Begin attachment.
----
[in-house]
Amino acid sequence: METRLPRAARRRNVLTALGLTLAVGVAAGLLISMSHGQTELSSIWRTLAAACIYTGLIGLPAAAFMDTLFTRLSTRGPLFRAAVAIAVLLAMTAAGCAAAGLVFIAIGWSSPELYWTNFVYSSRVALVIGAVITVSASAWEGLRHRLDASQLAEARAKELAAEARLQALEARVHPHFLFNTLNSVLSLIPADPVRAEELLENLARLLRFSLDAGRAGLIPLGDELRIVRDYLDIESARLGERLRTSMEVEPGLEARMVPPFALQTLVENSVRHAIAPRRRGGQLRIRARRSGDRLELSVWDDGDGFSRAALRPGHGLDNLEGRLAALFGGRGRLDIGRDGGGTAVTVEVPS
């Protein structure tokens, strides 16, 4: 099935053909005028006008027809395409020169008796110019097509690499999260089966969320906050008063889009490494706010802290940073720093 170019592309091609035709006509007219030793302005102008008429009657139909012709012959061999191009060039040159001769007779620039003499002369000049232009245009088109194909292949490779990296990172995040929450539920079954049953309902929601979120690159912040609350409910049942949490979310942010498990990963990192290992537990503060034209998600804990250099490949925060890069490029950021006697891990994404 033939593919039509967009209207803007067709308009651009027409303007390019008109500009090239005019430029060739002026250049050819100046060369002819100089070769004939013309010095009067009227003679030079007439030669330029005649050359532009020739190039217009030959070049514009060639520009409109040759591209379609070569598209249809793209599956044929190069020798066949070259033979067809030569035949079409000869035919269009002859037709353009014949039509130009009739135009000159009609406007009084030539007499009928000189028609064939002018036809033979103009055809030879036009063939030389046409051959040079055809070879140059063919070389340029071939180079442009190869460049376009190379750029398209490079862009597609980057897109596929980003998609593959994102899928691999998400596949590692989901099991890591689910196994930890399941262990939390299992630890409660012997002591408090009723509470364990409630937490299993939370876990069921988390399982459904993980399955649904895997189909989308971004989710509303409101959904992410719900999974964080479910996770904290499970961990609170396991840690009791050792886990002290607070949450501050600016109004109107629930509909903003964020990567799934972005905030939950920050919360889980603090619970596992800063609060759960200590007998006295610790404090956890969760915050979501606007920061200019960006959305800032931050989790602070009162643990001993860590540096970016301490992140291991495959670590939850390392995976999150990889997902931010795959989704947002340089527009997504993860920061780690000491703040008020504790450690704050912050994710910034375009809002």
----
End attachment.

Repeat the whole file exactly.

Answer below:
[in-house]
Amino acid sequence: METRLPRAARRRNVLTALGLTLAVGVAAGLLISMSHGQTELSSIWRTLAAACIYTGLIGLPAAAFMDTLFTRLSTRGPLFRAAVAIAVLLAMTAAGCAAAGLVFIAIGWSSPELYWTNFVYSSRVALVIGAVITVSASAWEGLRHRLDASQLAEARAKELAAEARLQALEARVHPHFLFNTLNSVLSLIPADPVRAEELLENLARLLRFSLDAGRAGLIPLGDELRIVRDYLDIESARLGERLRTSMEVEPGLEARMVPPFALQTLVENSVRHAIAPRRRGGQLRIRARRSGDRLELSVWDDGDGFSRAALRPGHGLDNLEGRLAALFGGRGRLDIGRDGGGTAVTVEVPS
């Protein structure tokens, strides 16, 4: 099935053909005028006008027809395409020169008796110019097509690499999260089966969320906050008063889009490494706010802290940073720093 170019592309091609035709006509007219030793302005102008008429009657139909012709012959061999191009060039040159001769007779620039003499002369000049232009245009088109194909292949490779990296990172995040929450539920079954049953309902929601979120690159912040609350409910049942949490979310942010498990990963990192290992537990503060034209998600804990250099490949925060890069490029950021006697891990994404 033939593919039509967009209207803007067709308009651009027409303007390019008109500009090239005019430029060739002026250049050819100046060369002819100089070769004939013309010095009067009227003679030079007439030669330029005649050359532009020739190039217009030959070049514009060639520009409109040759591209379609070569598209249809793209599956044929190069020798066949070259033979067809030569035949079409000869035919269009002859037709353009014949039509130009009739135009000159009609406007009084030539007499009928000189028609064939002018036809033979103009055809030879036009063939030389046409051959040079055809070879140059063919070389340029071939180079442009190869460049376009190379750029398209490079862009597609980057897109596929980003998609593959994102899928691999998400596949590692989901099991890591689910196994930890399941262990939390299992630890409660012997002591408090009723509470364990409630937490299993939370876990069921988390399982459904993980399955649904895997189909989308971004989710509303409101959904992410719900999974964080479910996770904290499970961990609170396991840690009791050792886990002290607070949450501050600016109004109107629930509909903003964020990567799934972005905030939950920050919360889980603090619970596992800063609060759960200590007998006295610790404090956890969760915050979501606007920061200019960006959305800032931050989790602070009162643990001993860590540096970016301490992140291991495959670590939850390392995976999150990889997902931010795959989704947002340089527009997504993860920061780690000491703040008020504790450690704050912050994710910034375009809002």